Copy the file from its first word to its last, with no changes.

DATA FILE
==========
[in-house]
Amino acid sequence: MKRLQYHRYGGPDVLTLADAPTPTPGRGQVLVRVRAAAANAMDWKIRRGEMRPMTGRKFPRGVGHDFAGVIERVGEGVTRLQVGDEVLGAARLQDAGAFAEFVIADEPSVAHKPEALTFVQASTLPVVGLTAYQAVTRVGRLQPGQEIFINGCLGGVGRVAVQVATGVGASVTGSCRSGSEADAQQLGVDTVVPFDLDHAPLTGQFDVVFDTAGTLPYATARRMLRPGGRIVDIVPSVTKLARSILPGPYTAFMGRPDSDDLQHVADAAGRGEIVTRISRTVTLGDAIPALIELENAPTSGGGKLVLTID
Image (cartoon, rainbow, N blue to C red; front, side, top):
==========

[in-house]
Amino acid sequence: MKRLQYHRYGGPDVLTLADAPTPTPGRGQVLVRVRAAAANAMDWKIRRGEMRPMTGRKFPRGVGHDFAGVIERVGEGVTRLQVGDEVLGAARLQDAGAFAEFVIADEPSVAHKPEALTFVQASTLPVVGLTAYQAVTRVGRLQPGQEIFINGCLGGVGRVAVQVATGVGASVTGSCRSGSEADAQQLGVDTVVPFDLDHAPLTGQFDVVFDTAGTLPYATARRMLRPGGRIVDIVPSVTKLARSILPGPYTAFMGRPDSDDLQHVADAAGRGEIVTRISRTVTLGDAIPALIELENAPTSGGGKLVLTID
Image (cartoon, rainbow, N blue to C red; front, side, top):